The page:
Princeton Athens Center hosts inaugural Summer Institute 2018
This summer, three graduate students in Princeton’s Department of Classics, Malina Buturovic, Teddy Fassberg and Bryson Sewell, and two of their counterparts at the University of Patras, Greece, Michalis Marinis and Nicole Vassalou, convened at the Princeton Athens Center for the inaugural Seeger Center for Hellenic Studies Summer Institute 2018.
The Greek graduate students were admitted to the Summer Institute, a non-credit academic offering, by nomination and application, and participated without tuition and with support from the Seeger Center. The Princeton graduate students were supported by the Department of Classics.
The Seeger Center invited Mark Janse, BOF-ZAP Research Professor in Ancient & Asia Minor Greek at Ghent University, to teach the Summer Institute, a seminar that introduced the graduate students to “peculiar varieties of Greek resulting from invasive contact with other languages,” or what scholar J.B. Bury referred to as “a barbarian blend.”
These “barbarian blends” were acquired by peoples throughout time “either through imperfect acquisition of Greek as a second language or through extended reciprocal bilingualism with Greek as the first language,” said Janse. “Any kind of aberrant or divergent Greek could be called ‘barbarian.’”
The seminar covered a range of topics, from the comic plays of Aristophanes to the Greek of the New Testament and Old Testament translations to modern Greek dialects. In addition, Janse taught a modern Greek class, where the group discussed modern Greek poetry, folksongs and folktales — in Greek.
While many of these topics, particularly the later material, are not typically studied by classics graduate students, they each gleaned important insights that they are bringing to bear on their research.
“The topics we discussed, such as the Scythian's Greek or the Lord's Prayer, tied in incidentally to things I happened to be working on at the time and allowed me to see things from a different point of view,” Fassberg said. “The close attention we paid to language helped shed new light on things I had been thinking about.”
Buturovic, who studies Classical literature, was most excited by the group’s discussion of modern Greek dialects. “The Summer Institute opened my eyes to the range of ways that language itself — and not just the content it records — can function as a document of history: providing proof of the depth of contact between two different peoples, or giving valuable information about the register in which a text was written, or the audience it was intended to reach,” she said.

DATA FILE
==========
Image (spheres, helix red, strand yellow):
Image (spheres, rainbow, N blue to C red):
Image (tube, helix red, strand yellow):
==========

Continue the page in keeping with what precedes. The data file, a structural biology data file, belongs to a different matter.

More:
After the seminar concluded, Buturovic headed north to Thessaloniki to study Modern Greek, where she saw many of these themes play out firsthand. “I've been continually struck by how much what I learned in the Summer Institute has deepened my language study [in Thessaloniki],” she said. “The Summer Institute helped me understand how the rich linguistic diversity of this region intersects with its broader political and religious history. I'd like to continue pursuing these connections.”
Sewell shared these takeaways. “Greek needs to be studied as a language in contact with other languages; to study it in isolation would be like trying to study a star while ignoring space.”
He added: “Greek was used, both in a written and spoken form, among peoples of diverse linguistic and cultural backgrounds, which affected its production and reception, and thus the identity of the users. Language is a major factor in establishing, or in presenting, one's identity. The Summer Institute has helped me to think more critically and systematically about this problem.”
For Marinis and Vassalou, who are both linguistics scholars, the Summer Institute proved equally beneficial. “The seminar gave me insight into some of my profound research questions regarding my study on dialects in contact,” said Vassalou.
Marinis presented his own research — on Greek varieties spoken in Southern Italy — to the group. “Participating in the Summer Institute afforded me the privilege of interacting and exchanging ideas with Ph.D. researchers from Princeton,” said Marinis.
Learning and discovery in the seminar was not limited to the students. “[The seminar] was really very intensive both for [the students] and for me,” Janse said. “Because they were so interested in the material, I would search for new texts in the evenings and bring them to class the next day, where we would discuss them for hours.”
“They were the reason I didn’t sleep very much,” Janse joked.
Janse and the students took advantage of their proximity to ancient sites with day trips and weekend visits to Mycenae, Delphi and Epidaurus, where they saw a performance of “Acharnians,” by Aristophanes.
“Our excursions were wonderful; nothing brings the history of language to life better than visiting the places where it has been spoken and written for thousands of years,” Sewell said.
The students also benefited from guest lecturers, such as Katerina Stergiopoulou, assistant professor of Classics and Hellenic Studies, who gave a lecture titled “‘To Compose in a Greek Tongue’: Cavafy’s Modernist Poetics of Citation” that was attended by a group of about 20 leading literary scholars from Greek institutions.
“The Summer Institute 2018 inaugurates a series of such institutes — two to four each summer — that will bring together Princeton graduate students with their counterparts at Greek institutions for two weeks of intensive study, led by distinguished Princeton faculty and invited scholars, on a range of disciplines and topics related to Hellenic culture — ancient, medieval, modern, and contemporary,” said Dimitri Gondicas, director of the Seeger Center.
The Summer Institute 2018 was made possible with the support of the Dimitrios and Kalliopi Monoyios Modern Greek Studies Fund, recently established by Nikos Monoyios ’72 and Valerie Brackett.